How to Weep in Public - Q&A with Comedian Jacqueline Novak

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Jacqueline Novak is a comedian and long time sufferer of depression whose stand up comedy has been featured on The Late Late Show with James Corden and Comedy Central. Her book How to Weep in Public is not a how-to guide on how to escape depression. Instead, Jacqueline's book is like a hand to hold when stuck in the dark; a friend when life is grim.

Jacqueline has given Depression Army the wonderful opportunity to interview her, just in time to pick up her book on sale. The sale ends on October 1st. Visit her website to see a sample of the book, and follow her on twitter at @JacquelineNovak or Instagram @jacnov.

Below is our Q&A!

So for starters, talk to me a bit about your history with depression. How old were you when it first started, and how did you cope with it?

I started dealing with depression in high school. I would come home and sleep, or go to the nurse's office and sleep. I would feel like I had to flop down on the ground, and I'd lie there, listing off in my head all the reasons I had *no* reason to feel bad, but still feel unable to get up.

I've often heard about the mental health challenges associated with being a comedian, yet your book is colored with humor. Do you feel comedy has helped you cope better?

I don't think comedy causes depression or anything - I actually think it's a pretty great community to be in if you're struggling with really anything. Comedians are very into honesty and are usually pretty open minded. So at least among comedians, I never feel like I have to put on a facade of normalcy in any way.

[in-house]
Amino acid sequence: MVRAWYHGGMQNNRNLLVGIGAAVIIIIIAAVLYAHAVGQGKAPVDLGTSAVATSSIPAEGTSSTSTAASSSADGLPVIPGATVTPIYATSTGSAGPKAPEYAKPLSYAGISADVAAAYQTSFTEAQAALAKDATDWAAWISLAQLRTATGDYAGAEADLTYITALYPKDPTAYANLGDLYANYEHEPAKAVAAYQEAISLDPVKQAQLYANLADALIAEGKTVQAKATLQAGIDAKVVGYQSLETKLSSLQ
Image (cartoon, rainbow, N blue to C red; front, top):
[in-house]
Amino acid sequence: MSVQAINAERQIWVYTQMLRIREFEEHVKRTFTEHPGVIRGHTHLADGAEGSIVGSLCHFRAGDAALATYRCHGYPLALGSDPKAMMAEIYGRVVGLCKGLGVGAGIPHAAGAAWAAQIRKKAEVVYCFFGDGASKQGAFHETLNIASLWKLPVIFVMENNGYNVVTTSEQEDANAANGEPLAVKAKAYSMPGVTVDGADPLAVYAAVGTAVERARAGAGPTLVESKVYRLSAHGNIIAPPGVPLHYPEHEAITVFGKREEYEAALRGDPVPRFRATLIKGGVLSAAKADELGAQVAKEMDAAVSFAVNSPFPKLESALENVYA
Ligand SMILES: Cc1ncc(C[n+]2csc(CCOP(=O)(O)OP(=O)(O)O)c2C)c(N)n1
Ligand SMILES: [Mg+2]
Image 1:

Photo by Mindy Tucker

Photo by Mindy Tucker

How did you become a comedian, and how did that influence both your depression and your book? Why did you want to write a funny book about depression?

I always loved to write and perform and those two things came together in stand-up. Getting yourself to a show and onto a stage is a major challenge when depressed, but so is going anywhere and doing anything. So in a way I think I decided, if I'm going to do all this work to get somewhere, it might as well be to do something I think is really cool. When everything's hard, a traditionally hard thing isn't even that much harder than anything else. Strange depression loophole maybe.

What is your favorite part of your book? What do you want to tell potential buyers the most? 

Someone messaged me and said the book felt like a friend. That's my main goal. To keep the depressed reader comfy, make them feel less alone, and make them feel like even though they're in this state of isolation or feeling worthless, that they're not, that it will pass. My main goal was to not pressure the reader to feel better or take a walk or anything. But to tell them, it's ok if today, tomorrow, you do absolutely nothing. It's ok even if you're not ok.  No need to be depressed about being depressed. I try to lift that secondary burden. 

For a fun hypothetical, what would you tell the you prior to writing your book about your life now, and what might she say back?

Well, it's funny. I started writing the book from the perspective that my depression was hopefully temporary. The book was a way of saying to myself, "I'm depressed now, but I won't always be. I'll write from this state honestly, and later, when I'm not depressed, I hope, this will have value as authentic."

About Jacqueline

Photo by: Mindy Tucker

Photo by: Mindy Tucker

In 2016, Jacqueline made her network debut on The Late Late Show with James Corden, shot The Half Hour special for Comedy Central, and released her first book HOW TO WEEP IN PUBLIC: Feeble Offerings on Depression from One Who Knows. Jacqueline was named a 2015 Comedy Central Comic to Watch and 2016 Just for Laughs New Face, appeared on Animals on HBO, The Characters on Netflix, and starred in her own Refinery29 series How to Weep in Public, directed by John Early. Jacqueline just released a second book, WEDDICULOUS, a collaboration with comedian Jamie Lee. This fall she's touring clubs and theaters, opening for Mike Birbiglia.